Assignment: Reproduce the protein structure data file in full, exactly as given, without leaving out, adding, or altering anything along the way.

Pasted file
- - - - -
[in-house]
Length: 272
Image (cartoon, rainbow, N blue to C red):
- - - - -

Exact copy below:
[in-house]
Length: 272
Image (cartoon, rainbow, N blue to C red):